**Spoiler Free Review**
The Eastrail 177 trilogy has finally reached its last stop with Glass, M. Night Shyamalan’s newest film. Glass serves as the sequel to the highly successful, critically acclaimed psychological horror-thriller Split, and the superhero-thriller Unbreakable. It’s been 19 years since the theatrical release of Unbreakable, yet M. Night was able to have familiar faces reprise their roles, which is huge for those continuity sticklers. Returns from the 2000 film include Elijah Price/Mr. Glass (Samuel L. Jackson), David Dunn (David Dunn/The Overseer), Joseph Dunn (Spencer Treat Clark) and Elijah’s mother Mrs. Price (Charlayne Woodard). They’re joined by Split characters Kevin Wendell Crumb/The Horde (James McAvoy) and Casey Cooke (Anya Taylor-Joy) with the introduction of a new character Dr. Ellie Staple (Sarah Paulson).
I had my own personal Shyamalanathon before watching Glass as a refresher. If you haven’t seen the previous two films in this trilogy then see them beforehand. There’s a few things about Shyamalan’s style that caught my eye in Glass. As a filmmaker, Shyamalan’s techniques at creating thrilling moments are on full display in this film. He still has those same Hitchcockian elements to his style when it comes to panning the camera and creating the right shot for the perfect reaction. He’s Hitchcock behind the camera and in front of it when it comes to making his cameos. As a writer some of his dialogue is riveting, especially delivered by the actors in this cast. The first half of the film is where the dialogue and the storytelling are at their best. Samuel L. Jackson puts a masterclass on how facial expressions can convey an impactful message without uttering a single word. James McAvoy’s performances with multiple personalities is just as good as it was in Split. He brings humor yet when he transforms into The Horde, he’s just as menacing.
Bruce Willis didn’t really bring anything to the film for me. During the opening action sequence at the beginning of the film he wasn’t intense and he was nowhere near the level of James McAvoy. For most of the film I wasn’t 100% convinced that Bruce Willis wanted to be there. Anya Taylor-Joy picks up where she left off in Split with another compelling performance by the scream queen. Sarah Paulson had a good performance, but for some reason when M. Night wrote the dialogue for Dr. Ellie Staples he just decided for it to be bland. She might as well be a narrator because she’s just explaining what we are seeing instead of the film showing us. It gets to a point in the film where it makes you question if Shyamalan wrote this film back in 2000 and just didn’t decide to update it for 2019 before filming it. The scenes after the climax and the very last scene of the film further exacerbates this point.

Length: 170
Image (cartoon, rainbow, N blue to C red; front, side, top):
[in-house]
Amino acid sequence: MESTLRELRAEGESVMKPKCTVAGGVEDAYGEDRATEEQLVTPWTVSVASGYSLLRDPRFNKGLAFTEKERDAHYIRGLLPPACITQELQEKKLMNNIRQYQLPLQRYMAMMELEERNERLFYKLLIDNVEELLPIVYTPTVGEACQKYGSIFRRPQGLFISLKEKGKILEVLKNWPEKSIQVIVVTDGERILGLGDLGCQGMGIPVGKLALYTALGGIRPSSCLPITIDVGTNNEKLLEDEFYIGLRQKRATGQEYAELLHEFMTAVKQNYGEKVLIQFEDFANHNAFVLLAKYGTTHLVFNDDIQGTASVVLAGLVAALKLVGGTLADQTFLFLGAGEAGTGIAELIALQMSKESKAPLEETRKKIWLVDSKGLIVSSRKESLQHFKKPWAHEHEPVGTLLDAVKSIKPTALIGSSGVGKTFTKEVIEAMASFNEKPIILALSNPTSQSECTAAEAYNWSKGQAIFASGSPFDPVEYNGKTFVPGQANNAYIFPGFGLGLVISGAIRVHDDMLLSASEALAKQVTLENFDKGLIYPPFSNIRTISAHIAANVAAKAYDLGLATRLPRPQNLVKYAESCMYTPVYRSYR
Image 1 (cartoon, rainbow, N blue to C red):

Quick rant about the biggest issue with The Overseer (what a name). The human body is made up of around 60% water and the Earth is made up of 71% of water, so having water being David Dunn’s kryptonite has always seemed kind of goofy. For Mr. Glass it makes sense that he would have “brittle bone syndrome” because he’s a genius. Being a Lex Luthor type character and having a weak body seems like an even trade-off. Kevin Crumble has 24 different personalities that are always battling for the light so for flashes of light triggering a reaction also makes sense. Unbreakable explains that Dunn nearly drowned as a child so he’s not as strong once he’s submerged in water. 19 years later, it’s still a strange weakness to have on planet Earth.
This film is the weakest in the trilogy. There’s a lot of flaws in logic that are apparent throughout the movie. Most of the cast gives quality performances throughout the film. Shyamalan’s direction is up there with some of the best films in his filmography. The writing is where, for lack of better words, the glass shatters. It’s a shame because I really enjoyed Split and I thought Unbreakable was pretty good. In many ways Glass’s biggest twist is that the films (and their titles!) that make up the Eastrail 177 trilogy serves as a metaphor for director M. Night Shyamalan’s career. Unbreakable, a reference to a time when M. Night was at his peak; when Split was released he was going through a rough patch and audiences were divisive on whether or not he still had it; and to top it all off, Glass is a film that, depending on your view, either feels half-empty or half-full once it reaches its conclusion.
[All Mames Wey]
Glass is in theaters January 18th, 2019.